The American Football League Championship game on December 26, 1965 featured a rematch of the previous year’s participants. This time it was the Buffalo Bills, now defending champs, going on the road to face the San Diego Chargers.
The Bills easily topped the Eastern Division with a 10-3-1 record. They were still coached by Lou Saban and QB Jack Kemp (pictured at right), a former Charger, was again lining up behind center and coming off of a season in which he received AFL Player of the Year recognition. But temperamental star FB Cookie Gilchrist had been dealt to Denver and not adequately replaced and injuries cost the offense the services of flanker Elbert Dubenion and split end Glenn Bass for most of the season. Flanker Bo Roberson and rookie TE Paul Costa helped to fill the void, but it was once again the rugged defense that allowed Buffalo to dominate its division. The unit that contained AFL All-Stars in DT Tom Sestak, LB Mike Stratton, CB Butch Byrd, and safety George Saimes was solid throughout. In addition, pioneering soccer-style PK Pete Gogolak led the AFL with 28 field goals.
San Diego won the Western Division for a third consecutive season by going 9-2-3. Under the direction of Head Coach Sid Gillman, the Chargers had the league’s highest-scoring offense. QB John Hadl was developing into a top passer and flanker Lance Alworth was the premier player at his position, possibly in either league. HB Paul Lowe led the AFL in rushing and versatile FB Keith Lincoln was formidable when healthy, which had not been the case through much of ‘65. The defense was strongest on the line, featuring DE Earl Faison and DT Ernie Ladd, and linebackers Chuck Allen and Frank Buncom led a capable group. Moreover, the Chargers had beaten and tied the Bills during the regular season and, playing for the championship at home, were 6.5-point favorites to win.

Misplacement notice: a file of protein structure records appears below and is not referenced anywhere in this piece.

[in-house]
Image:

There were 30,361 fans in attendance on a pleasant day at Balboa Stadium. The game settled into a defensive battle with no scoring in the first quarter. CB Speedy Duncan of the Chargers intercepted a Jack Kemp pass at the San Diego 33, but San Diego had to punt from midfield. On their next series, starting from deep in their own territory, Paul Lowe took off on a 47-yard run, but the Bills tossed John Hadl for consecutive losses and the home team had to punt again. Coach Gillman chose to have rookie FB Jim Allison handle the punting rather than Hadl, in order to keep the quarterback rested, but when the first two kicks went just 19 and nine yards, respectively, Hadl took over that chore.
Early in the second quarter, a promising series for the Chargers reached the Buffalo 28 but Herb Travenio missed a 35-yard field goal attempt that was partially deflected. The teams exchanged punts until late in the period when the Bills put together a six-play, 80-yard drive. FB Wray Carlton had two eight-yard carries and Kemp passed to Paul Costa, who made an outstanding catch for a 22-yard gain. Following two short running plays, Kemp then threw down the middle to TE Ernie Warlick in the end zone for an 18-yard touchdown. Pete Gogolak kicked the extra point.
Following a short possession, the Chargers punted and Butch Byrd gathered in the 40-yard kick at his 26, evaded two tackles, and sped down the right sideline for a 74-yard touchdown. Gogolak converted again and the visitors were staked to a 14-0 lead.
On San Diego’s next offensive play, Hadl’s pass was intercepted by LB Harry Jacobs, who returned it to the Chargers’ 20, but the Bills were unable to pad their lead when Gogolak missed on a 24-yard try for a field goal. The Chargers advanced to the Buffalo 24 in the waning seconds of the first half as Hadl threw to Lance Alworth for 22 yards, ran for another 13, and completed two more short passes. But Travenio was wide on a 31-yard field goal attempt to close out the half.